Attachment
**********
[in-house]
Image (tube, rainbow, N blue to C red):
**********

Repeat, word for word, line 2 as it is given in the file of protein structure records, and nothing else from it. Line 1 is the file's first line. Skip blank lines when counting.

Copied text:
Image (tube, rainbow, N blue to C red):